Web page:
|Burning Man 2010: dragon tail, pirate flag, mountains, and dust. There's a LOT going on here.|
And what happened was that I found so many references to ancient Greece in my daily life I felt a little scared. I felt scared knowing that I had just been cruising through a visual media culture that made references I didn't know before, because that meant that the academic culture I was entering was going to make a thousand times more. And of course, it did.
Skip ahead some years later, to a very similar feeling that happened when I read Nabokov's Lolita for the first time. I read the novel very soon after I'd been first introduced to Derrida, and there was a sort of dizzying effect to Nabokov's text as I felt I could fall inside each page, and this was a physical sensation that never stopped after I taught the book 8 times, because Derrida had told me I was already bleeding in through the spaces between the words.
I am back in grad school, attending seminars with extremely smart abstract thinkers, finding myself awash in visual imagery and idiosyncratic connections that sometimes enhance the discourse and at other times make it jumbled and clunky. Tonight I watched a Miyazaki film called "Nausicaa of the Valley of the Wind" for a class I'm taking on anime--and really, the way anime can be seen as a portal to a new relation to technology a la Heidegger. And I was heartened by the fact that someone out there has a brain that moves in lateral, brightly colored directions like mine.
If that meant nothing to you, know this: I cried many times during the film, as connections came slamming through me: this is America, this is the global political body, this is the demonized dream of environmentalism, this is the problem of the ivory tower, this is Anthony, this is my old cat Boots and my new adopted cat Bembo, this is me, this is the unbelievably beautiful piece of visual art that somehow got enough people and money behind it to get MADE. And I fell into the movie in the same way I fall into a page. And the depth of these connections, the allusions I felt moving backward (the film was made in 1984, but visually seemed to reference Burning Man 2010 and Star Wars: the Clone Wars), the sheer weight of connectivity I don't understand because I haven't, still haven't read enough books or seen enough film was almost too much.
I know that for some people, in fact, it IS too much. They give up and watch TV without thinking about what that TV might be referencing. They give up and do all kinds of things, with the general theme of ignorance, indifference, or disinterest. This is the condition that most troubles people who worry about "the postmodern." But for me, those glimpses into the rampant allusive-ness of the world are like a drug. I want to see more. I want to trace them. I don't pretend I'll find origins, really, but I want to find swarms and packs and pockets and concentric circles of connection. I want to peel off and paste on layer after layer of the collage.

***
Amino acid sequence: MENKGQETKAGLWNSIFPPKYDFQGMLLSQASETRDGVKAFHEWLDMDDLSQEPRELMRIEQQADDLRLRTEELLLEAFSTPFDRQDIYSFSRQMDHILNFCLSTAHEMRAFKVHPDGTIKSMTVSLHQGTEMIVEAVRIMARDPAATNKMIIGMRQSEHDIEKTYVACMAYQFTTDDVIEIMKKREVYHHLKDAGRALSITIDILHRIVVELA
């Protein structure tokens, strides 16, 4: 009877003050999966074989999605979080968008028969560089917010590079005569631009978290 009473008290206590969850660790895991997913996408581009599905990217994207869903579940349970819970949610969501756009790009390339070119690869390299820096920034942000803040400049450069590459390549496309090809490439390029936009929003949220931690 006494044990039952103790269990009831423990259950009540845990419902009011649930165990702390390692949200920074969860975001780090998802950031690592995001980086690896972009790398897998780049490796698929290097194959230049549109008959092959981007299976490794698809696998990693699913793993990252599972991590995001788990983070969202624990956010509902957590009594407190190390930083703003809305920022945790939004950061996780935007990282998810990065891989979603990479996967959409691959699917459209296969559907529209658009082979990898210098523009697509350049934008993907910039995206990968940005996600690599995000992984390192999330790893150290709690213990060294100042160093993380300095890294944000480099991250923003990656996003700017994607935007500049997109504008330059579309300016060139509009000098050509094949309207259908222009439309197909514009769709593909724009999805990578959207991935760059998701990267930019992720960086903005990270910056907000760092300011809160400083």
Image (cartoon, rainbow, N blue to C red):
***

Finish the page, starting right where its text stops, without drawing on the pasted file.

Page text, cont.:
At the Getty last weekend for my Mom's birthday, I looked at ancient Greek art that I'd studied at some point at Reed. I saw a bust I recognized from a book cover. I read and remembered, vaguely, certain customs, names of gods and goddesses, and as we strolled out into the garden, I tried to figure out why the Koi in the pond "worked" with everything else. Pure aesthetics? Some reference in Ovid? Some cultural exchange between the Greeks and elsewhere that I don't know about? The questions are pleasurable. They're worthwhile. They feel like practicing piano or going for a run--I may not get an instant return on this hour, but if I keep it up, someday I'll have a moment when that little "click" will turn over, that flush of recognition, and I'll grab the arm of the person I'm with and crazily try to explain it. Eventually, one day, I'll get a piece memorized, I'll notice a new shapeliness to my calves, I'll read something new and feel I can love it more because I understand that it is a piece of homage to another book I already love.
I'm pretty sure I'm not arguing art for art's sake, although it may seem that way. What ultimately drives this desire and pleasure is a humanist passion: the more connectivity I can discuss, the more I can show, the more others can feel, the less distanced and dehumanized and disembodied we will be together. I actually believe this is possible, as a life-praxis, not just an academic exercise.
The biggest barrier to it is the ego. Wanting to feel like I already know what someone is going to say or show to me. Wanting to feel that triumph in argument, wanting to above all not lose face in front of people whose admiration I crave. When I am able to stop seeing through the ego-lens, I don't become a relativist or a confused little baby lost in the fog. I become even more convinced that creative moments of connection, collaboration, and realization of creative impulse is the way out. The way through, the way in, the way toward a moment in which the Dragon (spirit-body), the Pirate (the people's power to resist and organize), the Mountain (wisdom), and the Dust (the everyday made extraordinary) not only coexist in a lucky photo, but ARE together in my body and my body of work.